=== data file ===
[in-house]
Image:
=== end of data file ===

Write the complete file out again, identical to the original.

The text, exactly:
[in-house]
Image: